Aly

Tipsy Tuesday

Welcome to the first installment of a new weekly series here on my blog. Tipsy Tuesday (no, not that kind of tipsy…but hey, sometimes we all need a drink, so feel free to grab yourself one while you read!) is going to be a tip or technique I use when working with children that could help you out with your little ones. 
Today’s tip is to allow your child to make choices. The more often, the better. Especially older infants (9 or 10 months and up, depending on the child) and young toddlers. These ages in particular are all about wanting to and proving they can do things on their own. This promotes self confidence, independence, and even problem-solving skills.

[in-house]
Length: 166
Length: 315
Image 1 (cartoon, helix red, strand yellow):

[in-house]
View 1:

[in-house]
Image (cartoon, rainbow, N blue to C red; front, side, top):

However, be sure to set boundaries to these choices. Don’t give your toddler free reign to their closet or dresser and allow them to choose their outfit for the day unless you’re prepared to walk around with a child in pink striped pants, navy blue shirt with white polka dots, one green sock, one purple sock, a light blue scarf, a yellow hat, and perhaps some mittens for good measure. You can’t give them a choice and then once they choose tell them they can’t have what they chose. That’s just not fair. Also, this and not allowing them to do things they are capable of (within reason of course), and not allowing them to make choices at all will eventually lead to self doubt, low self esteem, etc. Instead, pick out two or three outfits for them and allow them to choose between them.